Table 8.3: Coupled model simulations (CMIP1) for December, January, February (DJF) and June, July, August (JJA) of sea-ice cover (columns 2 to 5) and snow cover (106 km2) columns 6 and 7). Model names (column 1) are supplemented with ordinal numbers (in brackets) which refers to the models listed in Table 8.1. The observed sea-ice extent is from Gloersen et al. (1992) and the climatological observed snow is from Foster and Davy (1988).
  Sea-ice cover (106 km2)
Snow cover (106 km2)
  Northern Hemisphere Southern Hemisphere Northern Hemisphere
Model name DJF
ARPEGE/OPA1 (1) 10.1 8.8 2.5 1.9 50.6 19.2
BMRCa (3) 13.7 12.0 0.0 0.0 42.4 2.2
CCSR/NIES (5) 13.0 9.3 16.7 8.6 46.2 12.0
CGCM1 (6) 8.6 7.0 12.3 8.2 47.5 13.9
COLA1 (8) 9.4 5.9 0.0 0.0 58.7 2.5
CSIRO Mk2 (10) 14.3 14.1 14.2 13.6 48.8 18.9
CSM 1.0 (11) 18.6 13.1 22.8 10.0 43.7 4.7
ECHAM3/LSG (14) 12.5 10.4 11.1 7.3 35.8 9.1
ECHAM4/OPYC3 (15) 10.5 9.1 21.0 13.4    
GFDL_R15_a (16) 10.6 8.8 13.2 6.5 56.9 2.4
GISS1 (19) 15.3 14.6 8.7 7.1    
GISS2 (20) 15.7 15.2 10.9 9.5 43.2 9.3
HadCM2 (22) 12.0 10.1 24.7 11.8 45.0 8.2
IPSL-CM1 (24)         44.2 11.2
MRI1 (26) 19.4 18.3 14.5 4.1 60.2 11.6
NCAR1 (28) 11.6 10.6 20.8 16.4 38.9 3.6
Observed 14.5 11.5 11.5 7.0 49.3 3.7

Table 8.3 provides a comparison of ice extent, defined as the area enclosed by the ice edge (which is in turn defined as the 0.1 m thickness contour or the 15% concentration contour, depending on the data provided), for winter and summer seasons in each hemisphere. The last row of the table provides an observed estimate based on satellite data (Gloersen et al., 1992) covering the period 1978 to 1987. It should be noted that assessment of sea-ice model performance continues to be hampered by observational problems. For the satellite period (1970s onward) the accuracy of observations of sea-ice concentration and extent is fair, however observational estimates of sea-ice thickness and velocity are far from satisfactory.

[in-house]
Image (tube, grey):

Figure 8.10 provides a visual presentation of the range in simulated ice extent, and was constructed as follows. For each model listed in Table 8.3, a 1/0 mask was produced to indicate presence or absence of ice. The fifteen masks were averaged for each hemisphere and season and the percentage of models that had sea ice at each grid point was calculated.

Figure 8.10: Illustration of the range of sea-ice extent in CMIP1 model simulations listed in Table 8.3: Northern Hemisphere, DJF (left) and Southern Hemisphere, JJA (right). For each model listed in Table 8.3, a 1/0 mask is produced to indicate presence or absence of ice. The fifteen masks were averaged for each hemisphere and season. The 0.5 contour therefore delineates the region for which at least half of the models produced sea ice. The 0.1 contour indicates the region outside of which only 10% of models produced ice, while the 0.9 contour indicates that region inside of which only 10% of models did not produce ice. The observed boundaries are based on GISST_2.2 (Rayner et al., 1996) averaged over 1961 to 1990.

There is a large range in the ability of models to simulate the position of the ice edge and its seasonal cycle, particularly in the Southern Hemisphere. Models that employ flux adjustment tend, on average, to produce smaller ice extent errors, but there is no obvious connection between fidelity of simulated ice extent and the inclusion of an ice dynamics scheme. The latter finding probably reflects the additional impact of errors in the simulated wind field and surface heat fluxes that offset, to a great extent, any improvements due to including more realistic parametrizations of the physics of ice motion. In turn this partially explains the relative slowness in the inclusion of sophisticated sea ice models with AOGCMs. However, even with quite simple formulations of sea ice, in transient simulations, some AOGCMs demonstrate ability to realistically reproduce observed annual trend in the Arctic sea ice extent during several past decades of the 20th century (see Chapter 2, Section, which adds some more confidence in the use of AOGCM for future climate projections (Vinnikov et al., 1999)